An Aristocracy of Everyone (B. Barber).

CONCEPTS AND COMPLEXITIES.

What Makes Democracy Work? (R. Putnam).

The Democratic Virtues (C. Lummis).

Was Democracy Just a Moment? (R. Kaplan).

CITIZENSHIP AND CHARACTER.

The Masses in Representative Democracy (M. Oakeshott)

Reorientation in Education (B. Bode).

The Education of Character (M. Buber).

DEMOCRACY AND ITS TROUBLES.

Market Democracy in a Neoliberal Order (N. Chomsky).

Law and Justice (H. Zinn).

Jefferson, Morrill, and the Upper Crust (W. Berry).

THE PUBLIC AND THE PERSONAL.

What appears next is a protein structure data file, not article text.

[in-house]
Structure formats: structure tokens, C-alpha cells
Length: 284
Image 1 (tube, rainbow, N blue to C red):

Democracy and Human Nature (J. Dewey).

Egalitarian Solidarity (P. Green).

Moral Imagination (M. Johnson).

EDUCATION IN A DEMOCRATIC SOCIETY.

How Colleges of Education Package the Myth of Modernity (C. Bowers).

Democratic Education in Difficult Times (A. Gutmann).

What Is Education For? (D. Orr).

HUMAN POTENTIAL AND DEMOCRACY'S FUTURE.

The Domain of the Future (M. Csikszentmihalyi).

Practical Utopianism (M. Midgley).

Index.